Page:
“To achieve anything in this game, you must be prepared to dabble on the boundary of disaster.”Sir Stirling Moss
To dabble on the boundary of disaster? To accept your faith? To give everything you have? Even your life?
That racing is more than just sitting in a car and fooling around, should be clear to all of us already. But can we even grasp how much strategic preparation there actually is? Sure, we see a team pushing a car to the starting line and sure, the driver might interact with the team somehow during the race and sure, the team is changing the tires and stuff. But what we see in TV or as visitors at the track can hardly be all, right? This is not what is actually going on, but instead just the outcome of the strategy the team is using.
In racing the strategy is way more important than anything else. Sure, someone might argue that everything is important in the world of racing, but in fact, everything depends on the strategy.
How much risks does a driver take? Which set up does the team use? When is the car coming in for a refuel?
All those decisions need to be made before the race, during the race and after the race. Constantly. Why? Because conditions are changing. The weather, the strategy of the opponent teams, the car handling, the tires, the driver, the track, an incident on the track or whatever it is.
When the strategy doesn’t work, sure, we as the spectators will notice. And if the strategy is actually brilliant, sure, we will see the car somehow winning. But do we really get any kind of insights? Do we get any kind of information?
Not really, right? Even though this would be the way more interesting part about racing sometimes.
A good race strategy needs to …
- be adjustable
- be able to take decisions fast
- look at the whole picture
- think about the end goal
- reduce the risks to a minimum
- motivate the team to work even harder
When it comes to strategies, I guess I am just a little bit more enthusiastic than other people. Why? Maybe because I work with a lot of strategies all the time. In racing, it is nothing else compared to all the other fields in life. Situations change, requirements change, positions change, incidents happen, machines doesn’t work, parts fail, people making mistakes, and the list goes on and on.
The perfect race strategy is something you can write down on a piece of paper before the race? No! Such a thing doesn’t exist! It can never be an upfront planned list! Sure, you might have a kind of a checklist that leads you through the race, but still, there are so many decisions to take on the spot, that you can hardly plan this all upfront.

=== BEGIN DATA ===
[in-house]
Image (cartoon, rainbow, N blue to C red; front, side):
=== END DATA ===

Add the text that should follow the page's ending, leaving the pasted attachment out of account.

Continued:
If you are interested in racing strategies, well, why don’t you watch some races and have a closer look? The difference between sprint racing and endurance racing will be obvious right in the moment. The longer the race, the more important the race strategy.
If you take a little 20 minutes sprint series with no tire change, no refueling and no nothing. The team may just drive up to the limit and manages the tire wear and the brakes. But if we are talking about a 24 h race, well, the race strategy gets a whole lot more complicated than that. You will have a need to change drivers, tires and fuel, you might need to share your garage with five other cars that can’t drive into the pits at the same time. There might be a lot of weather changes, accidents and other things that can cause a need to change your strategy every now and then.
A good race strategy is like an old professor, experienced, intelligent, focused, ignoring criticism, well organized, talking about past times and reflect everything constantly.
For sure, in order to win a race you might need to have a successful race strategy, but in the beginning, you are simply put not experienced enough to do this properly. Therefore do a good benchmark and look at how the others are doing it.
Learn from the best and you will become one of them.
See you next time!
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